I am already an emotional train wreck this morning and have not stopped crying since the second stanza of the opening hymn of Sacrament Meeting. And when I say crying, I don’t mean the polite tear or two running down my cheek. I’m mean the unabashed crying that is making other people around me uncomfortable. My hands shake each time I reach for the trays in which the sacrament is passed to the congregation, unsteady and weak with the knowledge of today’s anniversary.
I know my loss is not unique, but part of the larger fabric of human experience. This morning, I am acutely aware of not only my suffering, but that of those around me, too. Sitting behind me is Sharon and her four daughters. Last July, she held her mother in her arms as her mother died from injuries sustained in a tragic boating accident that also took the life of Sharon’s younger sister and injured several of her own children. In front of me, Melody snuggles her darling baby girl who was born with several defects, smashing any hope she had of a healthy, normal daughter – we’ve talked frankly about the struggles she went through to accept the loss of her dream of a “perfect” baby girl. To my left is Vivian who never married and who lost the dream of children and a husband when she reached her 60s. Two rows ahead of me is Betsy, who mourns the loss of her 23-year marriage. Three rows ahead of her sits Maddie and her nephews and nieces. They live with her part of the time because they have lost their mother to a long jail sentence for her role in a fatal hit & run accident. Up towards the front of the chapel, I can see Elaine with her five children. She’s dealing with the loss of her husband’s job and the reality they are going to have to move in with his parents.
It is within this river of loss I mourn my oldest daughter lost to adoption this morning. My grief is at an apex when my phone buzzes to life beside me. The tornado watch issued this morning has been upgraded to a warning.
Whatever unsteady earthen dam I have erected in my heart this morning breaks and splits wide open, leaving me awash in a current of muddy water. Thirty-six minutes of church is all I can manage today, and so I leave before the deacons have even been dismissed from passing the sacrament. I run to my car in the gathering storm, the rains already pelting me at a 45 degree angle. I post this raw and honest statement on Facebook:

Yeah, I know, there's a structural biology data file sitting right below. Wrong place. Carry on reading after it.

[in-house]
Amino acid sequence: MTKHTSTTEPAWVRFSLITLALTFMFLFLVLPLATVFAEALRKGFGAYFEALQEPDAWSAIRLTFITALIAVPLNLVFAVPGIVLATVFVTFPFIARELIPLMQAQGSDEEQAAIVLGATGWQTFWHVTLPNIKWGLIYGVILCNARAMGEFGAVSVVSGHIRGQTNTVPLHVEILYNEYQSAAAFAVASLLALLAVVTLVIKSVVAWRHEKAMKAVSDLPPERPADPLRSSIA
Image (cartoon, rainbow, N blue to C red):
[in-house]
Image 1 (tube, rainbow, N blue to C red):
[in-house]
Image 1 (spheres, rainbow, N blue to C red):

How fitting to have weather that matches my emotions on the 21st anniversary of the last time I held my daughter in my arms. Excuse me while I go seek shelter somewhere other than a LDS chapel. If I’m going to die today, it’s not going to be among people who believe my soul-crushing loss is “God’s will” and that my precious daughter is “better off” without me. #adoptionloss #stillwaitingforthosepromisedblessings
I can’t go home in my condition – my other children don’t need to see me in such great distress. I drive to the beach and find it deserted – no one else is willing to brave the ferocity of this storm. I know I am exposed to extreme danger sitting in the empty parking lot with no shelter nearby, the winds whipping around me, and lightening crashing between clouds overhead, but the winds and rain scour the edges off my suffering, and so I stay. Sitting here, vulnerable to the forces of Mother Nature feels like an authentic expression of my inner state. For for nearly six hours, I watch birds chase the roiling surf and listen to the rain pound the sand as the ferocious storm rolls across the emerald waters of the gulf.
Eventually (with enough deep breathing, mindfulness, and tear-stained writing), I collect enough pieces of myself to “pull it together.” Tears still fall as I watch the ominous grey-green clouds move off towards Tallahassee, but I have been granted a reprieve from the worst of the grief. I turn on the engine and head for home. Home, where Jeff, Matthew, Luke, and Poppy wait for me.
Right now I am having an tea party with my sweet Poppy. After stirring in three (!) lumps of sugar and some cream, she sips the fragrant Nutcracker tea and exclaims, “This makes my heart warm, Mommy!” I look down at her lovely little face full of light and joy, reach out to tuck an errant curl behind her ear, then offer up a silent prayer asking forgiveness of the daughter I gave away and giving gratitude for the one here before me. I lean down and whisper in her ear, “This makes my heart warm, too, sweet Poppy girl,”